When I was a sophomore in high school, I did a sophomoric thing which got me in a pot of fairly hot water, as sophomoric didoes often do. I wrote and published a small satiric newspaper called The Village Vomit. In this little paper I lampooned a number of teachers at Lisbon (Maine) High School, where I was under instruction. These were not very gentle lampoons; they ranged from the scatological to the downright cruel.

Eventually, a copy of this little newspaper found its way into the hands of a faculty member, and since I had been unwise enough to put my name on it (a fault, some critics argue, of which I have still not been entirely cured), I was brought into the office. The sophisticated satirist had by that time reverted to what he really was: a fourteen-year-old kid who was shaking in his boots and wondering if he was going to get a suspension … what we called “a three-day vacation” in those dim days of 1964.

I wasn’t suspended. I was forced to make a number of apologies – they were warranted, but they still tasted like dog-dirt in my mouth – and spent a week in detention hall. And the guidance counselor arranged what he no doubt thought of as a more constructive channel for my talents. This was a job – contingent upon the editor’s approval – writing sports for the Lisbon Enterprise, a twelve-page weekly of the sort with which any small-town resident will be familiar. This editor was the man who taught me everything I know about writing in ten minutes. His name was John Gould – not the famed New England humorist or the novelist who wrote The Greenleaf Fires, but a relative of both, I believe. (more…)

Catch this Article! Decluttering & Creativity by Mary McNeil

Intuitively the link between decluttering and creativity makes sense doesn’t it? Creativity thrives in the land of new ideas and open thinking, while clutter tends to be characterised by clinging on to old ideas, attitudes, habits and possessions. In order to free yourself up to be fabulously creative, you often need to be prepared to let go of the clutter first. Inspiration is unlikely to emerge unless you’ve created a space for it.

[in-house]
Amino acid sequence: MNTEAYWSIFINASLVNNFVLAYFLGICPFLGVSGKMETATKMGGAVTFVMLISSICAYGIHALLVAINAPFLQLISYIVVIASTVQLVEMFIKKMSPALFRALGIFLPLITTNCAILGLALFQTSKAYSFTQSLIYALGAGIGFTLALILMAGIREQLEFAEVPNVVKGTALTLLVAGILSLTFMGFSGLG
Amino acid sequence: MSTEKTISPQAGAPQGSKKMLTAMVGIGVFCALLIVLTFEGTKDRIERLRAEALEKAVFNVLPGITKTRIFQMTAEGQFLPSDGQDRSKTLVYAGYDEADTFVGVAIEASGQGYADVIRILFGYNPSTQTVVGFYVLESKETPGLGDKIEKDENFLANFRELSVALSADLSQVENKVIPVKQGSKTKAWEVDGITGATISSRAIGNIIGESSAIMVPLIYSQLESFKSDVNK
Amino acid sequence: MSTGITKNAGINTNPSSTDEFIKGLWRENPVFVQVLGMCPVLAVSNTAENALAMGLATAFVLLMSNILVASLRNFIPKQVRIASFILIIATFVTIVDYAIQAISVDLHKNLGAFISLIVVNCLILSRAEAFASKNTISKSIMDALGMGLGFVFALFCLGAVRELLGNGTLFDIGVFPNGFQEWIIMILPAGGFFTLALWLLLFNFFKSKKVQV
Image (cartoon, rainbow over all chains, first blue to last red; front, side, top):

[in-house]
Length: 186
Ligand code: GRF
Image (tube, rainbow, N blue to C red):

Clutter generally builds up quietly and imperceptibly over time. The reason for this is that not all clutter starts out its existence as clutter. If you think about the clutter in your life at the moment, you can probably recognise that much of it was originally useful and meaningful. It’s the passing of time and the moving on to different phases of your life that convert many of your once-wonderful ideas, items and relationships into life clutter.clutter

You’ll probably find that, strangely enough, some of your old clutter consists of items and ideas that were once your creative playground. Many of yesterday’s creative sparks evolve into today’s clutter. It doesn’t mean that they weren’t creative at the time or that they had no worth, simply that time has passed and they are no longer current. I like to imagine them as the creative stepping stones that have brought me to where I am now – I couldn’t have got here without them, but their value is now in the past and by clinging on to them, I prevent myself from moving forwards.

That’s why decluttering has to be a way of life, a state of mind and an ongoing activity. Particularly during the times when you want to produce creative output. (more…)